On May 17, IDEV announced that data from a long lesion study of 182 patients with significantly diseased superficial femoral arteries and popliteal arteries showed high patency rates and no stent fractures after treatment with the Supera Veritas peripheral vascular stent system.
The data were presented at the Vaatdagen 2011 (Vascular Days) conference based on analysis by Andre Molenaar and Peter Haarbrink, interventional radiologists at Canisius-Wilhelmina Ziekenhuis (CWZ) hospital, a leading teaching and high volume medical centre in Nijmegen, The Netherlands.
The patients were treated and followed over a two year period, and represented an extremely challenging patient cohort with highly calcified and long lesions in the superficial femoral artery which at times encompassed the proximal popliteal artery and/or popliteal artery alone. What makes these results extraordinary was that they were achieved in vessels with significant disease and atypical extremely long lesion lengths with no Plavix used.
The superficial femoral artery plus proximal popliteal treated artery cohort consisted of 159 patients, with an average lesion length of 240mm, 40% Tasc D classification, and 57% total occlusions with an average of nearly two stents per patient. A high patency rate of 74% was achieved at 12 months as measured by duplex ultrasound. A group of 23 patients were treated with a Supera stent in the popliteal artery, with an average stent length of 142mm and a patency rate of 83% at 12 months, again measured by duplex ultrasound. A subgroup analysis by x-ray at 24 months showed no stent fractures. These data compare favourably to standard nitinol stent performance in patients with significantly shorter lesions.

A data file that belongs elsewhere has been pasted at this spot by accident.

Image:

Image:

“These are outstanding and noteworthy results which demonstrate that Supera is a market changing technology when used appropriately,” stated Molenaar. “The average stent length deployed was 240mm, ranging from 40mm to 550mm. Compared with other stent trials, and even the Leipzig Supera registry, these are much longer lesions with significant disease,” added Haarbrink.
Molenaar also stated that no concomitant treatment occurred with antiplatelet medication. “Patients received aspirin post procedure but none of these patients received Plavix following their stent procedures. We can assume the results would have had an even more dramatic improvement from baseline had we supplemented our procedure with this treatment. It is also clear to us that we utilise Supera for the most challenging cases, constantly testing the device and still receive exceptional results. We look forward to continuing our analysis of Supera.”
Christopher M Owens, president and CEO of IDEV Technologies commented, “We are pleased to see clinicians continue to independently evaluate the Supera stent in highly diseased patients. These extremely positive results reflect what we see on a continual basis in the marketplace.”